In April 2012, Neil Woodford, then fund manager of two of the UKs biggest income funds revealed that he had finally sold the last of his shares in Tesco (LSE: TSCO)
Writing in the Telegraph, he explained his rationale:I have held Tesco shares in my funds for most of the past 20 years, during which time it has proved to be a very successful long term investment, but I now find myself worrying more than ever about the risks both macro-economic and business specific risks that this investment now entails.
The star manager, who now runs the Woodford Equity Income Fund and the Woodford Patient Capital Trust, still believed that Tesco wasa cheap asset and a great British business. Buthe was presented with other, more compelling and less risky investment opportunities elsewhere.
As can be seen from the five-year chart below, Woodford made the correct call by selling his funds Tesco shares and I think history could well be repeating itself with Rolls-Royce (LSE: RR) currently.
From hitting an apparent peak in 2014, the shares have been on a steady downward trend since Rolls-Roycefirst warned on profits. The falls have intensified since the company announced the results of its strategic review onfears that a recovery would take longer than most investors had expected, coupled with a potential dividend cut.
In his blog post of 9 December 2015 Woodford echoed these fears, stating that the company has become more challenged over the last couple of years, which has weighed significantly on its share price.
He felt some of these problems simply represented growing pains, as the business transitioned between civil aerospace engine designs and made investments in new capacity to deliver its substantial forward order book. Buthe also noted that it had suffered from the deteriorating global economic environment, especiallyin its marine business thathas been negatively impacted by the slump in oil industry exploration activity.
It would appear that the final straw was the very disappointing November trading update thathas resulted in the shares being cut across all of the investment gurus mandates.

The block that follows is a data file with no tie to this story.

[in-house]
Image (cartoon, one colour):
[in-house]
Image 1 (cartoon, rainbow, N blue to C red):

Woodford believed the problems currently being experienced across the military aerospace and marine business had now spread to the civil aerospace side of the business. This has resulted in material downgrades to both profits and cash expectations, leading the investor to believe that the 2016 dividend will be cut. These events have shaken his confidence in the business, which he has held for the last 10 years through his current mandates and previously at Invesco Perpetual.
Indeed, analysts have been trimming their EPS figures all year: the broker average EPS figure for 2015 earnings (taken from the 24 brokers that covered the stock) has fallen from 62.45p in December 2014 to 52.26p currently, according to Stockopedia data. Personally, I think this will fall further going into 2016 as the strategic review begins to work through the business.
On the sidelines
In summarising, Woodford clearly states that if his caution is misguided hell revisit the investment. But for now the proceeds of the sale have been putinto shares that meet his 3-5-year high single-digit annualised return expectation.
While some investors may see this as an opportunity to top up their holding in a top quality UK business, Im with Mr Woodford on this occasion and will be joining him on the sidelines awaitingthe green shoots of a recovery.
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Dave Sullivan has no position in any shares mentioned. The Motley Fool UK has no position in any of the shares mentioned. We Fools don’t all hold the same opinions, but we all believe that considering a diverse range of insights makes us better investors.